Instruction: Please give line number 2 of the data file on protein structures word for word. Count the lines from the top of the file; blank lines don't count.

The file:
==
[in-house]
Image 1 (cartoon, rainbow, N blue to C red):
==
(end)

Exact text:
Image 1 (cartoon, rainbow, N blue to C red):